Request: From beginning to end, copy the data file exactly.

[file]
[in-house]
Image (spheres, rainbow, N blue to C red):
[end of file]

[in-house]
Image (spheres, rainbow, N blue to C red):